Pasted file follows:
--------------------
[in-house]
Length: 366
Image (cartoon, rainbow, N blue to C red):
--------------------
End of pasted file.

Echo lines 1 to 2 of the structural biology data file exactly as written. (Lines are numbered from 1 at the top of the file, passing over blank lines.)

[in-house]
Length: 366